Trump: Japanese mogul pledges $50 billion US investment

Wed, 7 Dec 2016 04:00:44 UT

WASHINGTON (AP) — After meeting with Donald Trump on Tuesday, Japanese tech billionaire Masayoshi Son said he will invest $50 billion in new startups in the United States, committing to creating 50,000 new jobs over an unspecified time period. The announcement is the latest instance in which Trump appears to be conducting economic policy via ad-hoc deal-making — sometimes taking credit whether he deserves it or not. The claim was a stretch; Ford had no plans to move the plant and had already agreed to keep producing one specific model there, although it did back away from a plan to shift production of the Lincoln MKC, a small SUV, from Louisville to Cuautitlan, Mexico. Because he said he would do a lot of deregulation, I said, 'This is great, the U.S. will become great again'. Trump plans to meet with leading tech executives next week, a group that will include venture capitalist Peter Thiel — one of Trump's few supporters in Silicon Valley — and Cisco Systems CEO Chuck Robbins. The carrier's attempt to join with rival T-Mobile failed in 2014 after regulators objected to combining two of the four largest mobile telecom companies in the United States.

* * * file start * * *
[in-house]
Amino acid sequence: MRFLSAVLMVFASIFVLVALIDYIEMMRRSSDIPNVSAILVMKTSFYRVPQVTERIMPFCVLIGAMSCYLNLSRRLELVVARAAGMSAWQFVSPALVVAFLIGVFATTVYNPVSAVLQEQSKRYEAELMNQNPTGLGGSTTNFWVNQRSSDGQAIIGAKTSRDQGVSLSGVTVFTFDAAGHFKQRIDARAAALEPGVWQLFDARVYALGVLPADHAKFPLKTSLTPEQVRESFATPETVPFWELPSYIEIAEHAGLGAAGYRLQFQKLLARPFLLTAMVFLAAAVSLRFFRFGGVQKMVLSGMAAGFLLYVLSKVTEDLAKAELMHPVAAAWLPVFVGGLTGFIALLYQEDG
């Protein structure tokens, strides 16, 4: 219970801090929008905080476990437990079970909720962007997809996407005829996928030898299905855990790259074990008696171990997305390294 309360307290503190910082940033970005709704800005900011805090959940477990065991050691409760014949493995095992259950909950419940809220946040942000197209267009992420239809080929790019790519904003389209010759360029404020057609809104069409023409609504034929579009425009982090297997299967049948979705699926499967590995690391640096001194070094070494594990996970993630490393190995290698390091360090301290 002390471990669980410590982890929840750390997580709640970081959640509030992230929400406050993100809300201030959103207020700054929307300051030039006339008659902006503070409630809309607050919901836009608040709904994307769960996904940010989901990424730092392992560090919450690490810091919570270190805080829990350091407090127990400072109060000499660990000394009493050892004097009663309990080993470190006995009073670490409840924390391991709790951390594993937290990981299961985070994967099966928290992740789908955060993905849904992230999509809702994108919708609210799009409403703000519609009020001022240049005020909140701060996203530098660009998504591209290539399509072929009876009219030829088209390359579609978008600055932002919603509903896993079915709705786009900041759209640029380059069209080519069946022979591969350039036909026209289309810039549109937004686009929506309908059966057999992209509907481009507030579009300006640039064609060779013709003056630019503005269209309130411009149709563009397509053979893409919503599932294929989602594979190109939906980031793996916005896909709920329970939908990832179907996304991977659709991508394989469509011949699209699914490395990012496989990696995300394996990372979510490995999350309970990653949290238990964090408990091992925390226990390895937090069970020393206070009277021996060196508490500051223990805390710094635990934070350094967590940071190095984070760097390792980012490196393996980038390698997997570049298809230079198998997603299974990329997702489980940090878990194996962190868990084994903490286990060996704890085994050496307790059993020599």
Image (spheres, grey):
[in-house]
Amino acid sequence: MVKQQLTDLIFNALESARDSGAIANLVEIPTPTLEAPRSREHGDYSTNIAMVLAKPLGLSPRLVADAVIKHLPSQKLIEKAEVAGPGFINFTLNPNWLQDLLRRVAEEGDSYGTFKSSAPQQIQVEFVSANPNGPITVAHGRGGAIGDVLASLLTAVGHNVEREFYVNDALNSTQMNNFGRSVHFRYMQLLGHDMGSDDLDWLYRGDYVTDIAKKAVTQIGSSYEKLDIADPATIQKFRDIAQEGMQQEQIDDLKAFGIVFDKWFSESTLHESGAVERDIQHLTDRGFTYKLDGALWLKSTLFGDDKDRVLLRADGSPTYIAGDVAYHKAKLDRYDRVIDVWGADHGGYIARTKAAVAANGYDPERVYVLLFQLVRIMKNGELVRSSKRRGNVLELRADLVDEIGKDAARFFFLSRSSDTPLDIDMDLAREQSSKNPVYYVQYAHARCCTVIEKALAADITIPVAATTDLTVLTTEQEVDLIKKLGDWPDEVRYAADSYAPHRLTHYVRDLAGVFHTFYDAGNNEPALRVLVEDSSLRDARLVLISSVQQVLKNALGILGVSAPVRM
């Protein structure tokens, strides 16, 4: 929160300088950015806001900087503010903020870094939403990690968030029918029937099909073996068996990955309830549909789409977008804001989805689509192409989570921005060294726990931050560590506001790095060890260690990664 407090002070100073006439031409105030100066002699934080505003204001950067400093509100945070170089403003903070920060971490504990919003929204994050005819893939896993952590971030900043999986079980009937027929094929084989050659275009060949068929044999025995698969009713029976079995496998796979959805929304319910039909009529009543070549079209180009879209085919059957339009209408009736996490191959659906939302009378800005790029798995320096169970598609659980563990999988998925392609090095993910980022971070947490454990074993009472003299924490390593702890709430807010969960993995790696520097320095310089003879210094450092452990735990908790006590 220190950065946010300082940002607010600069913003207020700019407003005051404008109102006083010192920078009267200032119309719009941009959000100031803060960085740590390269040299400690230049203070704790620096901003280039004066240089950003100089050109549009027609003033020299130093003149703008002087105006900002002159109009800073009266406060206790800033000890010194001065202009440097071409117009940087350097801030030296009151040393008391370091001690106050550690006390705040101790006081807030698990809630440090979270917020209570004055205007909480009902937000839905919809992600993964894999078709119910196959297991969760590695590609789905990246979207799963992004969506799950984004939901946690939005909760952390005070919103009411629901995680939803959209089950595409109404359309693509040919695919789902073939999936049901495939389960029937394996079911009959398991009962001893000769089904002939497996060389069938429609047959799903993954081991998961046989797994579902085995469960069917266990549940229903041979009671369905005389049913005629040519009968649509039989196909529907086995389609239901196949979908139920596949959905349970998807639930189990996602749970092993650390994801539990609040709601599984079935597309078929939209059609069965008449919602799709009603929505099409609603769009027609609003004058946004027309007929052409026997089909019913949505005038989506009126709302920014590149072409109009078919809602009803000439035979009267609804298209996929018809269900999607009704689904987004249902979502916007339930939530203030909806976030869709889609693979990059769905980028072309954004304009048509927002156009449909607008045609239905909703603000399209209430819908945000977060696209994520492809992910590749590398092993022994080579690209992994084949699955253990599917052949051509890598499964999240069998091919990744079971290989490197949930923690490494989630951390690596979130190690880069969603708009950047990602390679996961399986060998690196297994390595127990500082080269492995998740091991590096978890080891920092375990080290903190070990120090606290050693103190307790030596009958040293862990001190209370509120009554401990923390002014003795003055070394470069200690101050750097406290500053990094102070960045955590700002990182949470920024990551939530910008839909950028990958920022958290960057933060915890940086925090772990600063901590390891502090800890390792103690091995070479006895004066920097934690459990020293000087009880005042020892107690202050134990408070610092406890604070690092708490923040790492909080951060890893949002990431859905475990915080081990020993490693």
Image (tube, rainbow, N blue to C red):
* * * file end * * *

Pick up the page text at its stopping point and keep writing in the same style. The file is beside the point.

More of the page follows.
High court sides with Samsung in patent dispute with Apple

Wed, 7 Dec 2016 00:51:41 UT

WASHINGTON (AP) — The Supreme Court unanimously sided with smartphone maker Samsung on Tuesday in its high-profile patent dispute with Apple over design of the iPhone. Apple accused Samsung of duplicating a handful of distinctive iPhone features for which Apple holds patents: the flat screen, the rounded rectangular shape of the phone and the layout of icons on the screen. Companies including Google, Facebook and eBay sided with Samsung, arguing that the verdict was an excessive windfall for copying a few features of the iPhone. On the other side, sportswear manufacturer Adidas and jewelry maker Tiffany & Co. said allowing Apple to recover all the profits Samsung earned would discourage "design pirates" and protect companies that invest in creative designs.